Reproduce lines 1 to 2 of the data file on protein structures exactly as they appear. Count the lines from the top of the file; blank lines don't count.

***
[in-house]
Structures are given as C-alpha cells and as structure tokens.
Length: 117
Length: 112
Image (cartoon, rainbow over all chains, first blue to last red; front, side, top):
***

[in-house]
Structures are given as C-alpha cells and as structure tokens.